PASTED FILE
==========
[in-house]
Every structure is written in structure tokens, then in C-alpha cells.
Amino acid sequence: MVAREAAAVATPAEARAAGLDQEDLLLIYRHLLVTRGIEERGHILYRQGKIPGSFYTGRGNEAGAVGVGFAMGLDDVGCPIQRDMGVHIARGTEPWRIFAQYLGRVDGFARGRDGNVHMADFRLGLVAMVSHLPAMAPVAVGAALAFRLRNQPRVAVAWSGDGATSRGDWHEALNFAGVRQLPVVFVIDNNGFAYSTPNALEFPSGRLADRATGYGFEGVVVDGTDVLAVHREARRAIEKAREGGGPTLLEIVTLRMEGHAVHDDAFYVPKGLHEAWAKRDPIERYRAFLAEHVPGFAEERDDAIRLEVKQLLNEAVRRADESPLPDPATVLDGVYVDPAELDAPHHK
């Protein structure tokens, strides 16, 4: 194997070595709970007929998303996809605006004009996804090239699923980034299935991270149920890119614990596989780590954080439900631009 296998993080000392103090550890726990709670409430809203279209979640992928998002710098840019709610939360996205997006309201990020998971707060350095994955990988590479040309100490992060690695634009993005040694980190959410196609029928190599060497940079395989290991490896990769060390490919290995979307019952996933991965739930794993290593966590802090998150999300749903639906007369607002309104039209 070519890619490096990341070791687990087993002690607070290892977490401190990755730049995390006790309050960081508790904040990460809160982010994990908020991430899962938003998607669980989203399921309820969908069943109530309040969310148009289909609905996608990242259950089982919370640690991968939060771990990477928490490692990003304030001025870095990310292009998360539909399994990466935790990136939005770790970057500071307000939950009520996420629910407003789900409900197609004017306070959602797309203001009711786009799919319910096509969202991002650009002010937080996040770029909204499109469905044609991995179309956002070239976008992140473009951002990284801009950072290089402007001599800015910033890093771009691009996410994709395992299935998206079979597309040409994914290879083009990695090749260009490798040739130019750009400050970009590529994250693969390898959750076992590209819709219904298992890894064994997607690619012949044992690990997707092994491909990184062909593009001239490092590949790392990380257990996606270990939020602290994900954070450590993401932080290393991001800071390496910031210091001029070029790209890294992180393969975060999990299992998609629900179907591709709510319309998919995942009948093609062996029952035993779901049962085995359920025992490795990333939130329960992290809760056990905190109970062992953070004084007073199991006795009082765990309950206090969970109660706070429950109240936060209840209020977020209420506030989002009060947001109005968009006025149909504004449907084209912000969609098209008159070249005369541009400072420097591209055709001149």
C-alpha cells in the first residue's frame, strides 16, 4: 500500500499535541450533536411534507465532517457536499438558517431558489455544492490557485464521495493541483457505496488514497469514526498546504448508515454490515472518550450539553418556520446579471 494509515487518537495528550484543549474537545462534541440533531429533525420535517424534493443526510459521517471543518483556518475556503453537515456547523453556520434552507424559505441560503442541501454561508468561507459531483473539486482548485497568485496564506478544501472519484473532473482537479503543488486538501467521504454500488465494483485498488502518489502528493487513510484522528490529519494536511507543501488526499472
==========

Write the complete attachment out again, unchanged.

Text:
[in-house]
Every structure is written in structure tokens, then in C-alpha cells.
Amino acid sequence: MVAREAAAVATPAEARAAGLDQEDLLLIYRHLLVTRGIEERGHILYRQGKIPGSFYTGRGNEAGAVGVGFAMGLDDVGCPIQRDMGVHIARGTEPWRIFAQYLGRVDGFARGRDGNVHMADFRLGLVAMVSHLPAMAPVAVGAALAFRLRNQPRVAVAWSGDGATSRGDWHEALNFAGVRQLPVVFVIDNNGFAYSTPNALEFPSGRLADRATGYGFEGVVVDGTDVLAVHREARRAIEKAREGGGPTLLEIVTLRMEGHAVHDDAFYVPKGLHEAWAKRDPIERYRAFLAEHVPGFAEERDDAIRLEVKQLLNEAVRRADESPLPDPATVLDGVYVDPAELDAPHHK
């Protein structure tokens, strides 16, 4: 194997070595709970007929998303996809605006004009996804090239699923980034299935991270149920890119614990596989780590954080439900631009 296998993080000392103090550890726990709670409430809203279209979640992928998002710098840019709610939360996205997006309201990020998971707060350095994955990988590479040309100490992060690695634009993005040694980190959410196609029928190599060497940079395989290991490896990769060390490919290995979307019952996933991965739930794993290593966590802090998150999300749903639906007369607002309104039209 070519890619490096990341070791687990087993002690607070290892977490401190990755730049995390006790309050960081508790904040990460809160982010994990908020991430899962938003998607669980989203399921309820969908069943109530309040969310148009289909609905996608990242259950089982919370640690991968939060771990990477928490490692990003304030001025870095990310292009998360539909399994990466935790990136939005770790970057500071307000939950009520996420629910407003789900409900197609004017306070959602797309203001009711786009799919319910096509969202991002650009002010937080996040770029909204499109469905044609991995179309956002070239976008992140473009951002990284801009950072290089402007001599800015910033890093771009691009996410994709395992299935998206079979597309040409994914290879083009990695090749260009490798040739130019750009400050970009590529994250693969390898959750076992590209819709219904298992890894064994997607690619012949044992690990997707092994491909990184062909593009001239490092590949790392990380257990996606270990939020602290994900954070450590993401932080290393991001800071390496910031210091001029070029790209890294992180393969975060999990299992998609629900179907591709709510319309998919995942009948093609062996029952035993779901049962085995359920025992490795990333939130329960992290809760056990905190109970062992953070004084007073199991006795009082765990309950206090969970109660706070429950109240936060209840209020977020209420506030989002009060947001109005968009006025149909504004449907084209912000969609098209008159070249005369541009400072420097591209055709001149």
C-alpha cells in the first residue's frame, strides 16, 4: 500500500499535541450533536411534507465532517457536499438558517431558489455544492490557485464521495493541483457505496488514497469514526498546504448508515454490515472518550450539553418556520446579471 494509515487518537495528550484543549474537545462534541440533531429533525420535517424534493443526510459521517471543518483556518475556503453537515456547523453556520434552507424559505441560503442541501454561508468561507459531483473539486482548485497568485496564506478544501472519484473532473482537479503543488486538501467521504454500488465494483485498488502518489502528493487513510484522528490529519494536511507543501488526499472